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Thread: My Mainline Mastery of War Profiteering

  1. #1

    Angry My Mainline Mastery of War Profiteering

    As I assess the grand binding of very important people I have met I knew them not as opportunities but rather as focusses of criticism. This caused me in my use of the Internet to pursue a path that would seem to be far beyond my status. There I was on a rainy day standing in the elevator car of building 18A at Douglas Aircraft's C division headquarters on Lakewood Avenue when a man in a very crisp grey overcoat and steel rimmed glasses gets on. It's James S. McDonnell who has just completed his merger of McDonnell Aircraft with Douglas Aircraft. He looks over and I acknowledge him by saying "Not such a good day for Southern California weather." He maintains his space.

    Now a bit different. I am at the Inertial Guidance Test Symposium which is held at Holloman Air Force Base in New Mexico. I'm shifting my gaze in a room being used for a mixer and I recognize an icon of the industry. It's Dr. Charles Stark Draper, and he is alone and sort of lost in thought and in a far off gaze. I keep my caution. In between I bought a new house in a middle class neighborhood I did not recognize as the same name of where the Wright Brothers demonstrated their Model B to the Army, College Park, East. A Person I meet later says " You are a War Profiteer." The pilots I know at "Top Gun" are buying homes in Rancho Bernardo near San Diego.

    In the early 2000's I look in depth into Thomas Sopwith who was accused and settled down to life on his sailboat "Endeavour." A $42,500 house with a 30 year mortgage purchase in the early 1970's as the Viet War was ending hardly seems in the same league. Then later I find my experience with the Po Lock at Sault Sainte Marie and taconite freighters has and odd tie to Bill Boeing's leaving the company he founded and going off in his sailboat "Taconite. John D. Rockefeller pursued investments in this iron ore at a time I associated with hematite, based on the closing of mines in the Upper Peninsula of Michigan and not pellets of this less rich ore and Lake 1100 foot freighters.

    The advent of Cost Effectiveness and Operations Research brought a discipline to Military Aircraft procurement that followed in the foot steps of Systems Engineering and the two Bekins Vans of proposal documents per prospective contractor for CX-HLS with it's Requirements Allocation Sheets (RAS) and it's System Functional Flow Block Diagrams (SFFBD) all tied to detailed cost estimates and times to preform. In building 13 where I had a single drafting table to myself to plot out the intercept with the Apollo capsule by a KC-135 with a modified nose to accommodate a steerable VHF voice communications dish, the major other occupant was the CX-HLS proposal team. They had tall walls and individual offices. I had the great expanse and overhead trusses and lights of a former C-133 production line.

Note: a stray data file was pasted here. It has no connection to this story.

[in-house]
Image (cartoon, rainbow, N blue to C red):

After the CX-HLS became named as the C-5A "Galaxy," and AFM 375-5, it's procurement document was condemned, I was given the task of shepherding the C-X proposal monitored and documented to a thin single document, AFR-210 to present a commercial derivative of the DC-9 short range transport (about 1200 s m) as a 2000 n m aeromedical transport suitable not just for domestic movements but as options for PACAF and USAFE.

    In 1976, I attended the Orange County boat show and saw a 14 foot "Skipper" fiber glass sail boat in green and white and also orange and white. I stretched my resources and bought the green and loaded it into the rear of my 1967 Chevrolet C-10 with 8 foot box. It has oar locks and you could also skull it with the rudder. It was gaff rigged to go under bridges. My boss's son had a 14 foot "LIDO" class racing sailboat with very well provisioned wire rigging. Mine was rope and cleats.

    I attended one session of a ground school for Private Aircraft Flight Training at Fullerton Junior college and learned about weather and the difference between high and low wing and Lycoming and Continental 4 cylinder air cooled engines. I went camping on the Isthmus of Catalina Island in foxgloves with the Y Indian guides and on return found my youngest son sitting on the porch. "I wrecked the car." My wife proudly proclaimed. Even with a bicycle Fullerton was too far to continue.